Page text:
Charities: Vitally important to add skill to enthusiasm: Trustees need training to understand the extent of their responsibilities, writes Joanna Gibbon in this Special Report

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OF 397 inquiries it held last year, the Charity Commission reckons that the majority were related to the incompetence of trustees. 'Not so much deliberate fraud but more to do with well-meaning bungling, misunderstandings and poor administration,' said a commission spokesperson.

Often perceived as valuable for their names and connections or dismissed as background figures, it seems that trustees - and those appointing them - are having to sharpen up their ideas and understand their responsibilities.

This is partly because the Charities Act 1992, which is being enforced progressively, defines the duties of trustees in greater detail; and also because trustees in medium to large organisations are finding the staff increasingly professional and competitive.

'The danger is that the charity is run by the professionals and not by the original founding father's mission,' says Winifred Tumim, chair of a working party formed by the Charity Commission and the National Council for Voluntary Organisations (NCVO) to investigate training for trustees.

It seems that many trustees have quite a way to go. According to a survey carried out for On Trust, the working party's report, published in September, two out of three trustees were not aware they were trustees at all.

'Some people think they are on a management committee, which is what many of the smaller charities call their board of trustees, but plainly if you don't know you are a trustee or what your responsibilities are, it is unlikely that you are doing your job absolutely up to scratch,' says Mrs Tumim.

All charity trustees can be personally liable for breach of trust - if they have failed to show care resulting in the charity suffering a financial loss, or if they act outside the charity's objects, such as spending money on unpermitted political activities.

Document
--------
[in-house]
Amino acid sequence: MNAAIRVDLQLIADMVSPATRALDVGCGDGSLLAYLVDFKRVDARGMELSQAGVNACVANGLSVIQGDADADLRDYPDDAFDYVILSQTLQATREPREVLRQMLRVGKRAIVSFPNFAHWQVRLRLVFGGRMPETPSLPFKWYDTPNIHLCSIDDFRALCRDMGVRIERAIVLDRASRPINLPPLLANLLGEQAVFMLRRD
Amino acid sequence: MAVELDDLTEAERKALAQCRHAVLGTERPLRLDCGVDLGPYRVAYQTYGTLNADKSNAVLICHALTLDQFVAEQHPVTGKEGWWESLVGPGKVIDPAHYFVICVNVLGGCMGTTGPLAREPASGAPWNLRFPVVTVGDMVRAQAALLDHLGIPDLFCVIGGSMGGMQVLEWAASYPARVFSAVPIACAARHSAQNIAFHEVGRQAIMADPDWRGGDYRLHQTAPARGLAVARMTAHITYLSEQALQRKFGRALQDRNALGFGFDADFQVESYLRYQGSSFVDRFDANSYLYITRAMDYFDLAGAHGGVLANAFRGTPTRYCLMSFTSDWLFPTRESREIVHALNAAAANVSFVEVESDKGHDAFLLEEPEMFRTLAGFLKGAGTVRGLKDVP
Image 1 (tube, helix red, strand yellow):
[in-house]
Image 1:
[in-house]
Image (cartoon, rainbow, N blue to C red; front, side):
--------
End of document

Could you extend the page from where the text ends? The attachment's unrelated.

The report feels that the ad hoc selection process of most trustees for charities is basically sound. ' The great thing is to tap people's

enthusiasm and commitment and give them the additional skill they need,' says Mrs Tumim.

At grass roots level, where a self-help group has formed, for instance, problems can arise because each member has their own highly charged personal agenda which can obscure the organisation's needs as a whole. 'You expend an enormous amount of your time, energy and ego - it is a form of therapy even though you are doing it for others. So if it turns out that you are rather incompetent, or you drive people mad, then it is very sad,' Mrs Tumim says.

'Founding father' syndrome is another problem. Mrs Tumim mediated in a quarrel where the founder of an organisation had become an adviser but could not stop interfering and stepping on everyone's toes, from the new chairman downwards. 'He was ruining the very thing he started.' It is crucial that potential trustees fully inform themselves about the charity and that it, in turn, is clear about its needs. Mrs Tumim advises people to ensure they are being asked for the right reasons and that they have relevant experience; to ask about the legal and managerial responsibilities; to find out how much time is needed, not just for meetings, but for necessary reading and travelling.

Another aspect that is often overlooked is job satisfaction and enjoyment. 'There must be some potential for fun - people are giving their time for nothing and they deserve to be interested and encouraged,' says Mrs Tumim.

Job training is vitally necessary if trustees are going to keep up. On Trust recommends that training is tailored: an inner-city self-help group running on a shoestring will not be able to afford a day course, but a presentation about a financial issue might be appropriate before a meeting.

The NCVO is forming a trustee services development unit which will be ready in mid-January. It will encourage trainers to teach trustees and will also provide information packs relevant to the differing types of charity.

The NCVO has been fielding more inquiries recently from alarmed trustees. 'Some are concerned that being a trustee is becoming more complex; they are worried about their liabilities. We don't want to frighten trustees off,' says Tim Dartington, Head of Management Development at the NCVO.

Apart from a financial training course, Mrs Tumim says she has had no training during her seven years as chairman of the Royal National Institute for the Deaf. Perhaps I'd have been more effective earlier on if I had had some of the knowledge I feel others should have now.'

(Photograph omitted)

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